Pressure, temperature, and volume relation in liquids | Physics Forums
Pressure, temperature, and volume relation in liquids Water temperature is 20 degrees celsius (room temp) in the pipe originally, and a. Calculating water pressure from tank volume depends on whether the Pi, or?, is the constant ratio of the circumference to the diameter in all. The water velocity into a region with atmospheric pressure goes as the . A where Q is the volume flow, V is the velocity of the flow and A is the.
By static pressure I do not mean hydrostatic - I mean static as in the other pressure factor of water not sure what it is called. Your water company decides, whelp, let's increase the city water pressure! Say originally we had a horizontal copper pipe full of water.
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At the one end of the pipe is a tap that is closed. At the other end of the pipe is the incoming city water company city pressure.
Water temperature is 20 degrees celsius room temp in the pipe originally, and a pressure of "1". Then the city increases water pressure to "2". The units do not matter, just say the pressure doubled.
Pressure, temperature, and volume relation in liquids
The water did not move, because the tap was shut. Yet the static pressure doubled. Would the temperature rise, twice as much to 40 degrees celsius due to the pressure increase?
For simplicity, let's say the copper pipe never expanded and none of the taps can leak. Liquids transmit pressure - but, when they are not moving, AFAIK they hold a static pressure, almost like a "charge". I wonder if since liquids are virtually incompressible, an increase in static pressure causes the liquid to heat up ideally.
We could think of a liquid under pressure like a gas under pressure which cannot change volume, due to its special container that doesn't let it change volume the liquid itself!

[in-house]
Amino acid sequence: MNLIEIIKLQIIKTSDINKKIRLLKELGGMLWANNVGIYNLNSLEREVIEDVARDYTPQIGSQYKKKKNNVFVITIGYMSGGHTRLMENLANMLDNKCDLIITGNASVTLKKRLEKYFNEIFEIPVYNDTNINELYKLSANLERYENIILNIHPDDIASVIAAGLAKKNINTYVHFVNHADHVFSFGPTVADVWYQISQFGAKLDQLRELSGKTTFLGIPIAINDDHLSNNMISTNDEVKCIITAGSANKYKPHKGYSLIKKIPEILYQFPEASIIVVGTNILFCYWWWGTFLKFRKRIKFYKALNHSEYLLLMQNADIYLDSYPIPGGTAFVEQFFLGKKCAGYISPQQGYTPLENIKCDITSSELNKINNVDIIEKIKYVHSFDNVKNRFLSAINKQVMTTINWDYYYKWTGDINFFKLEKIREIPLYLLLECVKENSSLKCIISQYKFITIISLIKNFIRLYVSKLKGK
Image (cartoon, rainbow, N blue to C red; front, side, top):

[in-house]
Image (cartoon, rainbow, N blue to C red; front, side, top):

Pressure and the Gas Laws
The upper boundary of the air column that gives rise to atmospheric pressure is the vacuum of space. Being rather light, the mass of a column of air with a 1 cm2 cross section is almost exactly 1 kg.
If a much heavier liquid substance is used to balance this air column, only a relatively small length would be needed. In addition, because the density of liquids does not change with height most liquids are incompressiblesuch an equivalent liquid column has a well defined upper boundary below a vacuumOne of the heaviest liquids at room temperature is mercury Hg and the height of the Hg-column that is equivalent to normal pressure mb is only mm long For this reason, columns of mercury, "hanging" in an inverted vacuum tube, can be used as practical instruments to measure atmospheric pressure see FigureLutgens and Tarbuck, If water were used instead of mercury, the height of the column equivalent to normal pressure would be The Gas Laws The example of the gas-filled balloon can also be used to explore the basic gas laws see also Appendix D, p.
In the following, lets assume that the balloon is tight, so that the amount or mass of air in it stays the same: With density being the ratio of mass per volume, the gas density of the balloon thus varies only with its volume when mass is held constant. If we squeeze the balloon, we compress the air and two things will happen: